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is a deep internal crisis. it's clear that there is a deep internal divide, and it is obvious that you don't solve this kind of crisis by arresting people or by oppressing the demonstrations. belarus is a case in point where i believe a deep national dialogue needs to be put in place and my appeal to the president is to understand that need and my appeal to the opposition is if the president moves in that direction to accept that dialogue. dialogue among belarussians, independently of others that, of course, are not belarussians. dialogue among belarussians to find a way to come out of this crisis with something that unites the country, and, as i said, it's not arresting people that the problem will be solved. so, you want to... it's time to recognise that there is in the 21st century no room for prisoners of conscience. nobody should be arrested based on political opinions. and you said just there that
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you want to ensure that this is a dialogue that takes place between forces in belarus itself. so do you reject the kind of interference that president vladimir putin of russia is undertaking? he told russian television at the end of last week that president lukashenko had asked him to set up, and i quote, "a certain police reserve, and i, putin, have done so. and we have agreed that it won't be used until the situation gets out of control." that's something presumably you would repudiate. as i said, i don't think this problem will be solved by police measures or by arrests. this problem needs to be solved by dialogue, dialogue among the bela russians. but can you categorically repudiate, then, that kind of interference that president putin is signalling? many would like to interfere in the situation in belarus. i don't want any interference in belarus. i want the belarussians to solve their problem and to solve their problem based on dialogue. all right. if you express those
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words which have been expressed by others, don't you think that you need them underpinned by some kind of measure or actions? so the baltic states, lithuania, estonia and latvia, have now imposed sanctions on 30 belarus officials, including president lukashenko himself, because they feel that the european union is kind of dragging its feet a bit. would you be in favour of some kind of sanctions against leaders in belarus? i've always many questions about unilateral sanctions. we believe that sanctions should be decided at un level, as you know. but what matters here is my deep belief that we need to create the conditions for a democratic solution in belarus based on dialogue and any effort in this, that action will be welcome. but as i said, it should be the belarussians themselves to be able to solve their problem. all right. so when you make this plea for multilateralism, secretary—general, you know,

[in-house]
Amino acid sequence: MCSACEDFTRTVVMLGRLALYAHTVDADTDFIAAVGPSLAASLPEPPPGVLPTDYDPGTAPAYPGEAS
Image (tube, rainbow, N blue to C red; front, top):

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you see that the polarisation that you've been warning has already really taken place. i'll tell you what the influential us think tank, the carnegie endowment for international peace, has just said — it's worried that severe political polarisation has already been tearing apart many democracies from india and poland to turkey and the united states. and it's posing the question that the virus is exacerbating intolerance. would you say that's true? and i'd like to ask you how you see that intolerance playing out within the context of the black lives matter debate? well, we are witnessing, unfortunately, in the world, i would say a crisis of the enlightenment values, a crisis of irrationality, the emergence or the strengthening of populist, xenophobic, nationalistic, racist expressions.
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and racism is particularly abhorrent. i mean, racism is the denial of humanity. and i must say, ifound myself even surprised with the level of intensity racism still has around the world and even within the united nations. and i'm trying to launch a very serious internal reflection on how to fight racism within our own organisation, because this is something that must be a full priority everywhere. but to this question of hatred, this question of discrimination is something we need to be able to fight. we need to strengthen the democratic values that are based on social cohesion. we need to understand that diversity is a richness, not a threat, but for diversity to be a success, there must be a huge investment in social cohesion to make each community feel that their identity is respected but at the same time that they belong to the society as a whole without discrimination.
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and these, of course, need the work of governments, the work of local authorities, the work of civil society, the work of youth. and my hope in these is to see the youth much more cosmopolitan, much more open, much less racist than my own generation. i hope that the youth drive that we have seen in so many areas, we have seen in so many movements about gender equality, fighting against violence against women, against racism for climate action, i see in this dynamic of the social, the civil society led by youth, the main reason for me to be optimistic in the future, even when i see, unfortunately, our democratic societies being undermined by this irrationality, this denial of the enlightenment that i've mentioned. 0k — you said that you want to see people of different backgrounds feeling at ease wherever they may be living in the world, to paraphrase what you've just said. if you were an african—american male, would you feel at ease